Views and opinions expressed in this report are those of the authors and should not be construed to represent views of any of the sponsoring organizations, agencies, or the U.S. government. The National Epidemiologic Survey on Alcohol and Related Conditions was sponsored by the National Institute on Alcohol Abuse and Alcoholism and funded, in part, by the Intramural Program, NIAAA, National Institute of Health. This study is supported by NIH grants DA019606, DA020783, DA023200, MH076051, and MH082773 (Dr. Blanco), P60 MD000206 (Dr. Olfson), K05AA00161, and U01AA018111 (Dr. Hasin); the American Foundation for Suicide Prevention (Dr. Blanco); and the New York State Psychiatric Institute (Drs. Blanco, Hasin, and Olfson).
Child physical abuse and adult mental health: A national study†
Version of Record online: 16 JUL 2012
Copyright © 2012 International Society for Traumatic Stress Studies
Journal of Traumatic Stress
Volume 25, Issue 4, pages 384–392, August 2012
How to Cite
Sugaya, L., Hasin, D. S., Olfson, M., Lin, K.-H., Grant, B. F. and Blanco, C. (2012), Child physical abuse and adult mental health: A national study. J. Traum. Stress, 25: 384–392. doi: 10.1002/jts.21719
- Issue online: 2 AUG 2012
- Version of Record online: 16 JUL 2012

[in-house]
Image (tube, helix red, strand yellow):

This study characterizes adults who report being physically abused during childhood, and examines associations of reported type and frequency of abuse with adult mental health. Data were derived from the 2000–2001 and 2004–2005 National Epidemiologic Survey on Alcohol and Related Conditions, a large cross-sectional survey of a representative sample (N = 43,093) of the U.S. population. Weighted means, frequencies, and odds ratios of sociodemographic correlates and prevalence of psychiatric disorders were computed. Logistic regression models were used to examine the strength of associations between child physical abuse and adult psychiatric disorders adjusted for sociodemographic characteristics, other childhood adversities, and comorbid psychiatric disorders. Child physical abuse was reported by 8% of the sample and was frequently accompanied by other childhood adversities. Child physical abuse was associated with significantly increased adjusted odds ratios (AORs) of a broad range of DSM-IV psychiatric disorders (AOR = 1.16–2.28), especially attention-deficit hyperactivity disorder, posttraumatic stress disorder, and bipolar disorder. A dose-response relationship was observed between frequency of abuse and several adult psychiatric disorder groups; higher frequencies of assault were significantly associated with increasing adjusted odds. The long-lasting deleterious effects of child physical abuse underscore the urgency of developing public health policies aimed at early recognition and prevention.